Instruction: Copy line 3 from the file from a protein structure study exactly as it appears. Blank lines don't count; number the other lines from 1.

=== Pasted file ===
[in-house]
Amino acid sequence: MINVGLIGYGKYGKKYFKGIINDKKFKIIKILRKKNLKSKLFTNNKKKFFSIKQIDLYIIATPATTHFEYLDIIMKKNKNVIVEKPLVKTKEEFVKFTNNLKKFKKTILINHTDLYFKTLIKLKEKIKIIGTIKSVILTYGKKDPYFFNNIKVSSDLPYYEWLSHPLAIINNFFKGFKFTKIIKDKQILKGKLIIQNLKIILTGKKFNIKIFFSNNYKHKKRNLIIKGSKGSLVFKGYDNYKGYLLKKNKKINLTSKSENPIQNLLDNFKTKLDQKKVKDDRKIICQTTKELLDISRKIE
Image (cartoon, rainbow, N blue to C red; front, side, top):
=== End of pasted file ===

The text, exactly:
Image (cartoon, rainbow, N blue to C red; front, side, top):